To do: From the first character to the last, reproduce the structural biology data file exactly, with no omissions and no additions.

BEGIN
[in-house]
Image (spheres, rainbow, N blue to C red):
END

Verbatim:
[in-house]
Image (spheres, rainbow, N blue to C red):